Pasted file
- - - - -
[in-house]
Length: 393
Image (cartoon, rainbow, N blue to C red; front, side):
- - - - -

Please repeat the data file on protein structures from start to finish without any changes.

[in-house]
Length: 393
Image (cartoon, rainbow, N blue to C red; front, side):